The latest troubling TikTok trend, dubbed “Devious Licks” by teens and students, has been banned from the platform.
The clips first started to gain momentum earlier this month and typically feature the participant showing off items — ranging from wet floor signs to microscopes and projectors to paper towel holders — they allegedly stole from school. No matter the object though, it’s always described by the presenter as a devious or diabolical “lick,” depending on the scale of the theft.
According to a January update to Urban Dictionary, a “lick” refers to “a successful type of theft which results in an acceptable, impressive and rewarding payday for the protagonist.”
TikTok on Wednesday confirmed it is removing hashtags and redirecting searches related to the trend, citing a violation of its community guidelines.
“We expect our community to stay safe and create responsibly, and we do not allow content that promotes or enables criminal activities,” a TikTok spokesperson said in a statement to Insider. “We are removing this content and redirecting hashtags and search results to our Community Guidelines to discourage such behavior.”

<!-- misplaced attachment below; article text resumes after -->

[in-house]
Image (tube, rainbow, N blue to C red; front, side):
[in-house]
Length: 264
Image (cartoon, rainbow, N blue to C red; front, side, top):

According to meme-tracker, knowyourmeme.com, the initial “devious lick video” was posted by @jugg4elias on Sept. 1. It features the poster pulling a box of disposable masks out of his backpack along with the caption: “A month into school absolutely devious lick. Should’ve brought a mask.”
The clip raked in more than 239,000 views in a week, the database reported.
Just days later, a second user, @dtx.2cent, posted a video that shows him revealing a hand sanitizer dispenser that he’d allegedly snatched from school, according to Know Your Meme. That video reportedly earned 7.2 million views.
As of Thursday, both clips appear to have been scrubbed from the platform, though dozens upon dozens of copycats still remain live.
TikTok has made efforts to block trends that depict criminal activity as well as those that could lead to serious injury. The platform also recently removed hashtags and videos linked to the milk crate challenge, which typically featured people climbing pyramids made of milk crates and often falling as the structures topple.
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